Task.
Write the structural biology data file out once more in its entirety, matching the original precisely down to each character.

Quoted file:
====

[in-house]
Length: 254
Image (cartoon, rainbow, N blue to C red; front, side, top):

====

[in-house]
Length: 254
Image (cartoon, rainbow, N blue to C red; front, side, top):